Sunday, February 20, 2005


Not Photoshopped

Is it me, or is there a grip of birth-related miracles in the news?

No doubt, this story takes the birth-day cake: Egyptian doctors successfully remove a second head from a 10-month-old girl in Egypt.

The adorable Manar Maged was born with a rare birth defect known as craniopagus parasiticus, which relates to conjoined twins linked at the skull.

I am having a hard time wrapping my head around these details: apparently, the baby girl had been joined at the cranium to a "parasitic twin" that consisted of a head, eyes, ears, nose, mouth and neck, but no body. According to doctors, the removed second head was capable of smiling and blinking, but not independent life.

My better half (referring to my fiancee, not a second head of mine) and I spent the better half of our weekend thinking about what it would be like to have a second parasitic twin head, which is probably what you're pondering this second. It would be cool, after all, to be able to sing a duet in two-part harmony all by yourself, as well as to always have someone watch your back.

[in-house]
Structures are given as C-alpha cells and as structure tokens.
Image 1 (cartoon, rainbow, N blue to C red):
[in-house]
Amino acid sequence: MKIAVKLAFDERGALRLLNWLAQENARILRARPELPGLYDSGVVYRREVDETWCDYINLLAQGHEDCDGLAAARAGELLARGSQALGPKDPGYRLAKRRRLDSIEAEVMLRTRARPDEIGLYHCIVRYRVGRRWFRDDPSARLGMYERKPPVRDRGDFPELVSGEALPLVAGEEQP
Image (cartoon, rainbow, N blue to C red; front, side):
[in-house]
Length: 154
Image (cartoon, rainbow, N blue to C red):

On the downside, you would have a parasitic twin.

But seriously, it would be a tough moral decision for me as to whether to make like Lorena Bobbitt and cut off the second head. This gets into the messy issue of what constitutes a "life." Using my sophomoric logic, if the second head is capable of smiling and blinking, it's capable of having a separate personality. And if it's capable of having a separate personality, it should count as a second "person." No?

Also, if you are religious, would you wonder whether God was trying to send you a message? Perhaps, "this is what you get for being two-faced." Or, alternatively, "this is what you get for light-heartedly blogging about parasitic twins and, by the way, enjoy your eternity in hell."

Ultimately, I would've made the same decision as the parents. But not before thinking about cashing in on some book deals and endorsement opportunities to help pay for the medical bills. ("I've got a heads-ache this big, and it says Excedrin all over them.")

Regardless, I'm glad we have the modern technology to keep a formerly-two-headed baby alive.

* * *

To pay penance for any puns at Ms. Maged's expense, I've donated money in honor of her to the March of Dimes, which works to save babies' lives and eliminate birth defects. I swear I don't mean to be insensitive.